The Bush Institute’s global health initiative is built on the belief that every life is precious and focuses on saving lives in the developing world.

The initiative spotlights critical issues, brings organizations, businesses, and government agencies together, and works to make existing health systems function efficiently.

The Institute’s flagship global health program is Pink Ribbon Red Ribbon, a public-private partnership to save women from cervical and breast cancer in Sub-Saharan Africa and Latin America.  Cervical and breast cancer are the two leading causes of cancer death among women.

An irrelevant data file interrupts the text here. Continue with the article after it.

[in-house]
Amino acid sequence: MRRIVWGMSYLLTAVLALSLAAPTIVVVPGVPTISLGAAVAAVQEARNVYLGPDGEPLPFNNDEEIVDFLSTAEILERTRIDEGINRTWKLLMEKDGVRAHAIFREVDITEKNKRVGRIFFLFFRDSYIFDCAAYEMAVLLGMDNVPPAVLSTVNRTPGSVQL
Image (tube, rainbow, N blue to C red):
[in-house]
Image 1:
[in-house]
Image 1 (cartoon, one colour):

Pink Ribbon Red Ribbon works with PEPFAR (the President’s Emergency Plan for AIDS Relief) to screen women for cervical cancer, because women who have HIV are four to five times more likely to contract cervical cancer.

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Around the world, October is designated as Breast Cancer Awareness Month. Pink ribbons are ubiquitous. In the United States, even American football players can be seen showing their support—right down to using pink tape to secure their shoes.

International headlines this week highlight a three-day summit of U.S. government officials and nearly 50 African leaders in Washington, D.C.

As part of the U.S.-Africa Leaders Summit on August 6, the Office of the First Lady, the George W. Bush Institute, and the U.S. Department of State are hosting a day-long forum focused on the impact of investments in education, health, and public-private partnerships.